(1920), Edna St. Vincent Millay
    Howl and Other Poems (1956), Allen Ginsberg
    SCUM Manifesto (1968), Valerie Solanas
    Edward the Dyke and Other Poems (1971), Judy Grahn
    Twenty-One Love Poems (1977), Adrienne Rich

    I thought Three Guineas might have been a chapbook -- it's often called a "pamphlet" -- but its first edition is in hardcover.

    Wednesday, June 25, 2008

    Chapbook Renascence

    Not so long ago -- about 15 years -- a "real" or "serious" poet wouldn't be caught DEAD issuing a chapbook. Only losers would try to preserve their work in little stapled, spineless booklets! Because desktop publishing as we know it did not exist, the booklets were either hand-set or photocopied. That was the extent of alternative publishing -- the only way for poets to take publishing into their own hands. A book reviewer back then, I swatted chapbooks away like flies. I saw them knee-deep at secondhand bookstores. Well, things have changed and chapbooks are important now.

    Cherry Pie Press since 2005 has published a series of poetry chapbooks by Midwestern women. They are beautifully produced and the poetry is hot and it keeps coming: Three new books this year. A friend of mine, Pamela Garvey, won a chapbook contest last year; her chapbook is titled Fear (Finishing Line Press), and each copy is threaded through with a satin rattail ribbon, different colors: mine is wine-red. Poets with traditional publishers will issue chapbooks if they've got some work that's too edgy for the suits. Ted Hughes issued 110 copies (that's all!) of a chapbook titled Howls & Whispers (1998), 11 poems from the Birthday Letters series that he, or somebody, thought were too edgy to publish in the regular book. In a rare-book room I read copy #75. Online I found a deluxe edition for sale that costs USD $27,500. Mostly, though, chapbooks are a heck of a lot more affordable than normal books of poetry, and they're mostly meat, very little gristle. A book of 20 or 30 poems that are ALL good is positively intoxicating.

    I'm even urging chapbook publication on poets who have lots of good poems but not enough for a full-length manuscript, or who have full-length manuscripts they can't publish. Chapbooks can be handsomely made, even at home, and circulated and sold, mainly at poetry readings, but also through flyers, local bookstores, and the Internet.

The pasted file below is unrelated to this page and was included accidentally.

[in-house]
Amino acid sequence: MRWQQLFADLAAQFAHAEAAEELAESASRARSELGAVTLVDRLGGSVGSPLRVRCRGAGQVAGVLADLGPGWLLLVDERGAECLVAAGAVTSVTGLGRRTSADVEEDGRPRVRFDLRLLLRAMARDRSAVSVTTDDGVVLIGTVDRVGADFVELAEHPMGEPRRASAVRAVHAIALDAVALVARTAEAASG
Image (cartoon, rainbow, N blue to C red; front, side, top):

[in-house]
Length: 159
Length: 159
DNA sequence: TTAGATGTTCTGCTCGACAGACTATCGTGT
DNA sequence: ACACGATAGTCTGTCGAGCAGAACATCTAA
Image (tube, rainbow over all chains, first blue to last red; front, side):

And as far as I can see, no poet today is ever sorry that he or she issued a chapbook. Poets, consider it. And maybe it's time for some fiction or nonfiction writers to do it too.

    Thursday, June 19, 2008

    The Privilege of Doing It

    A scientist comes up to me after I discuss how writers never get paid very much because, it's said, just being published is pay enough, and it's a privilege to be a writer and I should be satisfied with that. . .She said to me, "I was a researcher and never got paid very much -- because just getting to do my research was, they thought, compensation enough. . ."

    Surprised, I told her I thought all science people really raked in the cash with those grants.

    Oh, no, she said. Post-docs, researchers, all sorts of people, they aren't paid very much.

    I said, They also exploit young people. Because they're young, employers think they don't have to pay much.

    She said, They do it to journalists, too. I said Yes, I know; I worked at a newspaper where goodies like circus tickets were supposed to compensate for pathetic paychecks.

    Now I wonder: In how many professions are skilled and dedicated workers being b.s.'ed that they shouldn't be well paid because they have "the privilege of doing it." And like fools we believe and profess and accept that! What a wonderful scam!

    (Winner of the June 2008 Artificial Difficulty Award!)

    Wednesday, June 18, 2008

    The Poet Laureate of Missouri Said

    Walter Bargen is the Poet Laureate of Missouri, the first one ever appointed. Notes taken during his talk to the St. Louis Writers Guild preserved some of the intriguing things he said:
    • "The role of the writer in society is to keep us awake."
    • "Poetry is like music; talking about it is not experiencing it."
    • "Each first line [of a poem] is an argument for the poem's existence." (For example: "About suffering they were never wrong, the old masters. . ."; "You don't remember the hanging, but you do. . ."; "Each lover has a theory of his own . . .")
    • "It's rhythm that marches your reader through the poem."
    • "You know you're really writing well when you're surprising yourself."
    Also in my notes, not a direct quotation, maybe an on-the-spot inspiration: "IDEA: Read poetry to stones, birds, and trees." Read a post-seminar interview with Walter Bargen here.

    Monday, June 9, 2008

    My Mom for President